I understand and EXPRESSLY AGREE to the fact that skiing in its various forms is an inherently hazardous sport that has many dangers and risks. I realize that injuries are a common and ordinary occurrence of this sport. I, or if skier is a minor, I individually and on behalf of said minor, EXPRESSLY AGREE, as a condition of being allowed to purchase a Season Pass or participate in the Student Ski & Ride Voucher Program and to use the ski area facility and premises, that I freely accept and voluntarily assume ALL RISKS of personal injury or death or property damage, and FULLY RELEASE Mountain Creek FROM ANY AND ALL LIABILITY for personal injury, death, or property damage arising out of or resulting from my participation in this sport... (emphasis added; source)

What Mountain Creek doesn't say in the waiver is that the resort does not have any meaningful safety and accountability systems in place for those who engage in hazardous behavior towards others. In so many words and as my girlfriend's incident clearly shows, it would not be unthinkable for someone to literally kill or cripple someone else on their property and get away with it. Ski patrol will not stop them (which is why I believe "Ski Patrol" to be a misnomer that should be changed to "Ski EMS"). If you think I am exaggerating read the liability waiver in its entirety. Mountain Creek has no incentive in discouraging hazardous behavior because it has totally insulated itself from all liabilities by making people sign such waiver. After being injured, customers cannot successfully sue Mountain Creek for damages and, if the person who injured them does not take responsibility, victims are left to fend for themselves.

Given the ever increasing amount of young snowboarders on their slopes – itself a much more dangerous sport for both practitioners and others than skiing – Mountain Creek's owners must have decided that it is more profitable for them to let these kids run wild and undisturbed in order to keep them coming in greater and greater numbers. This view is supported by the fact that starting this year Mountain Creek has dropped the previously mandatory safety training – the Park Pass – for all skiers who wished to enter the terrain park at South. Or, alternatively, they may simply have decided to maximize the resort's profitability by minimizing safety to the bare minimum – i.e. to the minimum level that allows them to maintain the perception of safety while counting on the fact that most people won't realize that they are entering the wild west of skiing until it's too late. And when they do, these people will realize like my girlfriend and I that they have no meaningful way of redress.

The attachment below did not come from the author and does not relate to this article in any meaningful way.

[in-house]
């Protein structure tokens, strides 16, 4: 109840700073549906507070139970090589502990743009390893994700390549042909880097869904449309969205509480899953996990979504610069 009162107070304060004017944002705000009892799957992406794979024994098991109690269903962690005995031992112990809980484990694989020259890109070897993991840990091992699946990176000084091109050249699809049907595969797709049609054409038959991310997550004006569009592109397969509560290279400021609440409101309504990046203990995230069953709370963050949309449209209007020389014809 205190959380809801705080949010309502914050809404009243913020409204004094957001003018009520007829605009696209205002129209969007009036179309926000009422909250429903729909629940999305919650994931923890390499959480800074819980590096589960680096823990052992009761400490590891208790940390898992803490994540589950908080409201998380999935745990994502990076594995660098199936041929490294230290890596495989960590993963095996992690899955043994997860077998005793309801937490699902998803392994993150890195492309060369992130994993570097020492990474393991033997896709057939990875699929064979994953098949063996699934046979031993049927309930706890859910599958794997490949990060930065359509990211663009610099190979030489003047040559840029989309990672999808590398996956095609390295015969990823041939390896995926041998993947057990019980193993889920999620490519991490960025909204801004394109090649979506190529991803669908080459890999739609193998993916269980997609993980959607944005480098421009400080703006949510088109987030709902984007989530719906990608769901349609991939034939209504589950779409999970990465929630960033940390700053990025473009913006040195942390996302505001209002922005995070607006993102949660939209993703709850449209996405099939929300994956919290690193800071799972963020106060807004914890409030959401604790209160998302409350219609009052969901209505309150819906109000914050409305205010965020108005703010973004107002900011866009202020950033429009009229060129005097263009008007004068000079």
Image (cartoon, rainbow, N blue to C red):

Either way, I believe it is crucial for people to distinguish reality from fantasy. In the case of Mountain Creek the reality is that people are dealing with an operation that is unsafe at any age.

Wednesday, January 21, 2015

Monday, January 19, 2015

Monday, December 22, 2014

Is Cuba Detente a Diversion to Protect Bush II & Co.?

Here are, in my opinion, the two most important words which may help explain the timing of the White House’s “new course” on Cuba: Torture Report. Yes, while the announcement was a very welcome, long overdue and not far reaching enough development, its timing is what makes me wonder most. It is likely no coincidence that Obama announced this historic policy correction within less than two weeks of the release of the US Senate report on CIA torture during its “global war on terror.”

As it became clear that the progressive left was not going to let it blow off and, instead, the calls for prosecution of Bush II & Co. were getting louder, particularly on the world stage, Obama and his advisers must have felt they had to go nuclear and bring something out with enough impact that would hopefully short-circuit the moral revulsion that has been ensuing in civil society. And thus comes Cuba to the rescue, the proverbial ace up the President's sleeve and perhaps the oldest, most indefensible and longest standing policy of the US government since WWII. In short, the timing of the policy shift on Cuba might be seen as a diversionary tactic aimed at deflecting the mounting outrage over the release of the US Senate Torture Report.